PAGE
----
WASHINGTON, D.C., U.S. — On Dec.15 the Chinese authorities notified the U.S. that they are  considering an antidumping and countervailing duty investigation against distiller’s dried grains with or without solubles (DDGS originating from the U.S.).

China’s Ministry of Commerce (MOFCOM) notified the U.S. Embassy in Beijing, China that it has formally accepted petitions from Chinese DDGS producers, the U.S. Department of Agriculture’s (USDA) Foreign Agricultural Service (FAS) said.

“We are disappointed to see today the initiation of anti-dumping and countervailing duties investigations of U.S. DDGS exports to China,” Thomas N. Sleight, president and chief executive officer (CEO) of the U.S. Grains Council (USGC). “We believe the allegations by the Chinese petitioners are unwarranted and unhelpful. They could have negative effects on U.S. ethanol and DDGS producers, as well as on Chinese consumers, potentially over a period of many years. We are also confident that our trading practices for DDGS, ethanol and all coarse grains and related products are fair throughout the world. We stand ready to cooperate fully with these investigations and will be working closely with our members to coordinate the U.S. industry response.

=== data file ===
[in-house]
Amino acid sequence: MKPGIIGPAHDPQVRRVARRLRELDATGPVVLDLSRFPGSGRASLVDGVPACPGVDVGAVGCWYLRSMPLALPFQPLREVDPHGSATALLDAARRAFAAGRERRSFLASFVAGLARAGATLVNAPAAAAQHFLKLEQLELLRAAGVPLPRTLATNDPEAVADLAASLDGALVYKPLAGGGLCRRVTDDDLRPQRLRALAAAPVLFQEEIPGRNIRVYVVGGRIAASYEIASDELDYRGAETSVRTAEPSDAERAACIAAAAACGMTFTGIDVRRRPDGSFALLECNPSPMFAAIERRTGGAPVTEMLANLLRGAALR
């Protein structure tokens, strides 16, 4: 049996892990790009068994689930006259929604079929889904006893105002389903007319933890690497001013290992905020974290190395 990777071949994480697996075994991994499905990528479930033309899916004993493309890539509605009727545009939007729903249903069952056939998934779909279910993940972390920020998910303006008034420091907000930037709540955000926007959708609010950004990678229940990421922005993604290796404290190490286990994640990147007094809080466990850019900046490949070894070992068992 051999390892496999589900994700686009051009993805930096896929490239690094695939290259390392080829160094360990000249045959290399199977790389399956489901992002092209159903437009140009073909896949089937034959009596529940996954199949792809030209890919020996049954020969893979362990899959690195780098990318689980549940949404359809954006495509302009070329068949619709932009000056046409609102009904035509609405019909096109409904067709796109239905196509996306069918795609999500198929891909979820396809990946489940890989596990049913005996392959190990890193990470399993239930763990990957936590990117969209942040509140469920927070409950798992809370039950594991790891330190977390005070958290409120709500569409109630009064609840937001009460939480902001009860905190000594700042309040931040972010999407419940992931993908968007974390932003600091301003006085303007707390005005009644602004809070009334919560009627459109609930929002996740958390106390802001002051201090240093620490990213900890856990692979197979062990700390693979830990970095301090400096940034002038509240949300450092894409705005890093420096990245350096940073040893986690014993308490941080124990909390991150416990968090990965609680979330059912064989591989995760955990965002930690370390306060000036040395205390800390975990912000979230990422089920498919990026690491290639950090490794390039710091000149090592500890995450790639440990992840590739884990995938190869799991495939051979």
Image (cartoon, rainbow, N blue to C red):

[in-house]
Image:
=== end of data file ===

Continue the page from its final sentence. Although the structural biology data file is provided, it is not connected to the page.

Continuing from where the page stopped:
Under Chinese regulations, MOFCOM is required to make a decision on whether to initiate an investigation within 60 days of accepting a petition. However, MOFCOM often takes substantially less than the maximum 60 days to announce an investigation.

Chinese importers have been purchasing large quantities of U.S.-origin DDGS in recent years in response to high Chinese domestic corn prices.

“The U.S. Grains Council has worked in China since 1981 to find solutions to the challenges of food security through development and trade,” said Sleight. “There have been measureable positive effects of this work for the Chinese feed and livestock industries and Chinese consumers. We and our members will work vigorously in the coming months to demonstrate that the allegations being investigated by MOFCOM are false, even while we continue to stand ready to expand our cooperation with China on agricultural issues of mutual benefit.”

U.S. DDGS exports to China slowed, but did not stop, after China filed an antidumping case against U.S. DDGS in late 2010. China later dropped that case in 2012.